2. Prior Art

Athlete's foot condition is caused by fungus growing between the toes and its immediate surrounding areas. The growth of the fungus is enhanced by the availability of moisture in its growth region and is inhibited by keeping the affected regions dry. In general, fungicides in the form of powder, liquid or gel are applied to the affected region for several days in order to eliminate the fungus infection. Various factors affect the speed with which the fungus infection is remedied. In some patients, particularly those who wear shoes and socks that minimize or even almost entirely prevent ventilation of the toes area, particularly if they have to keep shoes on continuously for hours at a time; or those with toes that fairly tightly press on each other, thereby minimizing ventilation of the region between the toes, particularly if the person lives in humid regions; once they are exposed to the fungus, it would quickly begin to grow and spread between the toes and cause a serious fungus infection. In such patients, the athlete's foot condition keeps on returning shortly after each treatment, particularly if they frequent places prone to fungus contamination, such as locker rooms and public shower areas in gyms.

Various powders, some medicated with anti-fungi medication are also available for use by those prone to fungi infection as a preventive measure or as medication at the outset of a fungus infection. However, such powders are effective for a relatively short period of time during which they absorb the present moisture and perspiration but saturate very quickly and become ineffective. In fact, due to the absence of ventilation and flow of air, they usually form a paste-like substance, stick to the regions between the toes, prevent whatever ventilation and airflow existed initially, and thereby provide a suitable region for fungus growth. In addition, the applied medicated or non-medicated powders are mostly forced out of the areas between the toes and the surrounding regions once the user begins to walk, mainly due to the generated motion and rubbing action between the toes and between the toes and surrounding regions and the environment (socks, shoes, and the floor if bare footed).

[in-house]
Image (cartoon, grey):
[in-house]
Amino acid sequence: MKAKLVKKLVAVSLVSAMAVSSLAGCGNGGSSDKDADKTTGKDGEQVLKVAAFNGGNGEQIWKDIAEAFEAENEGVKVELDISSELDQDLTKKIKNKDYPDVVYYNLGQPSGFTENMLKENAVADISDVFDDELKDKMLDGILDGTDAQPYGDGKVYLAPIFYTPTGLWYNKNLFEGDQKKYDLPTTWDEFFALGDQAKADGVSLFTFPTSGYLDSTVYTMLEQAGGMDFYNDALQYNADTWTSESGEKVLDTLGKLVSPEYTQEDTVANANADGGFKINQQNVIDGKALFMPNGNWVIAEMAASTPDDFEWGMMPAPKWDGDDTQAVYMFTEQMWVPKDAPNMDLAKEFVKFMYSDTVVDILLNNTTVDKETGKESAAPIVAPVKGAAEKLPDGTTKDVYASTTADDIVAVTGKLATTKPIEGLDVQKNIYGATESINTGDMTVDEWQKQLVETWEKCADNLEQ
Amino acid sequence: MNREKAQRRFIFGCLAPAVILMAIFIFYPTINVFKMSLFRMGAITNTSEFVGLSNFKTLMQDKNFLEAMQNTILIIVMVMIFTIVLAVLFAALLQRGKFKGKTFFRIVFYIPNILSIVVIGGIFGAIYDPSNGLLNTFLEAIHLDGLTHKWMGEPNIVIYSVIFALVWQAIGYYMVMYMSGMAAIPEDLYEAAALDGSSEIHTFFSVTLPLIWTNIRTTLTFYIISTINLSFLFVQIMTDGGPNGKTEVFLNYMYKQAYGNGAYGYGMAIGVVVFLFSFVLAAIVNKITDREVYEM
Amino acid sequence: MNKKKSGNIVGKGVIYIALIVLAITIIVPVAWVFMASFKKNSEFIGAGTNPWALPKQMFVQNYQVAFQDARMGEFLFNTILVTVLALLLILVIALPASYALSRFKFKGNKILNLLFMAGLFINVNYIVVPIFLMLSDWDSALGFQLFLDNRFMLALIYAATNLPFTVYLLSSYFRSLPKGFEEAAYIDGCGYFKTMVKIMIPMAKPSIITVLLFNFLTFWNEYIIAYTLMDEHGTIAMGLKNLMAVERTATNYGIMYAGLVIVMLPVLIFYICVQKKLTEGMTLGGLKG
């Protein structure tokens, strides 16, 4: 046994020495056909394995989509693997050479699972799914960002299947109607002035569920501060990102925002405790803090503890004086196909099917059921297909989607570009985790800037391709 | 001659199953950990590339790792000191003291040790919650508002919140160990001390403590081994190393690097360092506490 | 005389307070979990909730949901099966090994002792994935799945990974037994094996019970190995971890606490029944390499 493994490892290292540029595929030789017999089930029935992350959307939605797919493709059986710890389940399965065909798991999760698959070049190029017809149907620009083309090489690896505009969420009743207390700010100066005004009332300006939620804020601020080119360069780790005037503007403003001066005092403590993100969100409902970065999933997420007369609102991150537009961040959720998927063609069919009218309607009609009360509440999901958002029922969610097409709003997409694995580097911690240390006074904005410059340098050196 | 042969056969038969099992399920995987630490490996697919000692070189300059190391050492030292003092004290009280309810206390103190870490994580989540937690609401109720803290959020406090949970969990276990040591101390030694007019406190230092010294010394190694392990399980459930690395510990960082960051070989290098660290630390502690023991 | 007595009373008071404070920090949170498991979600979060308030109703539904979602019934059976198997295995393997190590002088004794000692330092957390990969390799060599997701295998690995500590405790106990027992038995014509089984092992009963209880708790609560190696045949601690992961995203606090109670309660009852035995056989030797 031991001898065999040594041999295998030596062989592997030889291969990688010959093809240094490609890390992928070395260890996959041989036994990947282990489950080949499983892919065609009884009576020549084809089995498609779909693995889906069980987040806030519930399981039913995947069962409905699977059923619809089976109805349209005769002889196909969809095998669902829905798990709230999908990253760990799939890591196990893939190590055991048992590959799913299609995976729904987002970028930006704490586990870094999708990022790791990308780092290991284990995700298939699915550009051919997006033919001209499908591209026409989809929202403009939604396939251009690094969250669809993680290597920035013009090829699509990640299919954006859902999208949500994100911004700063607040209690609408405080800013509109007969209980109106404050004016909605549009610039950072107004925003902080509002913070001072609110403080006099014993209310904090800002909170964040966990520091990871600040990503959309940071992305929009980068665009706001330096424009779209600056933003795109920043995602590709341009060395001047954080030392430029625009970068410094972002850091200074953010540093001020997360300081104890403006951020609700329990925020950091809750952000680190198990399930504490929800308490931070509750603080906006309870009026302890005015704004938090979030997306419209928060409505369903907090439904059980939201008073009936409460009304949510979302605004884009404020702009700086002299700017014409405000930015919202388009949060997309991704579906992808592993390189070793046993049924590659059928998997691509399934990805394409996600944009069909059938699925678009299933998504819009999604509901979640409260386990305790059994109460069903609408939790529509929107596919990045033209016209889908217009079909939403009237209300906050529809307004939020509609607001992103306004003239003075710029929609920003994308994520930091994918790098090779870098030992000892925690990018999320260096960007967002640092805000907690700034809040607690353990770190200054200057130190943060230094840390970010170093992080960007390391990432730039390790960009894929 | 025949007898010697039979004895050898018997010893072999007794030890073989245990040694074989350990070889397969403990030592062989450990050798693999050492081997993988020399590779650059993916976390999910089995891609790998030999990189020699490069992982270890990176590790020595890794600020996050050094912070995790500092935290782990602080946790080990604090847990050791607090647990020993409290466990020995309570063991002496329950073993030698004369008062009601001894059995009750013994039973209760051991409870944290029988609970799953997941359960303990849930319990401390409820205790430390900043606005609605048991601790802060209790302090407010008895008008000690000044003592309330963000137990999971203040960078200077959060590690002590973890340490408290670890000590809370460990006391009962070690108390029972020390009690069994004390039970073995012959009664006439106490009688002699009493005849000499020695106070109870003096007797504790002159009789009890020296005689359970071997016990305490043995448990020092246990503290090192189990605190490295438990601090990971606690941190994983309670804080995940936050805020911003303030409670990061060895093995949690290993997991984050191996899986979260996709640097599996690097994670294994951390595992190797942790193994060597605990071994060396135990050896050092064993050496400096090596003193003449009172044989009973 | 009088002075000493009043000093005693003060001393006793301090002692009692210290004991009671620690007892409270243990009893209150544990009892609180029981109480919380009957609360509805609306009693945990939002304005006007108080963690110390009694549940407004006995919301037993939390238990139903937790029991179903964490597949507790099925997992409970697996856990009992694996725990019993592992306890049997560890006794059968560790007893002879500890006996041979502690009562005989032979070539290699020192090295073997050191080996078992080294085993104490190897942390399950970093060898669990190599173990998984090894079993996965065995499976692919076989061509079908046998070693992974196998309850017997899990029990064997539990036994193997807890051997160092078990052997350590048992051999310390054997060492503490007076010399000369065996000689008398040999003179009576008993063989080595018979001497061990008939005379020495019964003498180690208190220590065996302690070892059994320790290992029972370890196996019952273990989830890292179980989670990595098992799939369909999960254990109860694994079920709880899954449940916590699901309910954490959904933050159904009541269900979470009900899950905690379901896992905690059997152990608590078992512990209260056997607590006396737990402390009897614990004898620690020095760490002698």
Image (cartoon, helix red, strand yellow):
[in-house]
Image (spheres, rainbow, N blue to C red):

A need therefore exists for devices that would enhance ventilation between the toes, which could be used with anti-fungi medication and without medication, possibly with moisture controlling powders, to be used as preventive measures against fungi infection. Such devices would also assist in reducing foot order caused by perspiration and moisture and lack of ventilation and airflow.

SUMMARY OF THE INVENTION

An objective of the present invention is to provide the means to allow ventilation between the toes and the surrounding regions. Hereinafter, “ventilation” also means the process of allowing flow of air without forcing the flow by a separate means. When the air is forced to flow between the toes and/or the surrounding regions, such as by a pumping action, the process will be referred to as “assisted ventilation.”

Another objective of the present invention is to provide one or more types of moisture absorbing medium, which may be solid or in the form of powder for the areas between the toes and surrounding areas, and providing the means to substantially keep the moisture-absorbing medium from sliding away from its intended positions as the result of walking and other activities.

Another objective of the present invention is to provide means to keep the medicated medium in contact with the affected area between the toes and its surrounding region and substantially prevent the medicated medium from sliding off as the result of walking and other activities.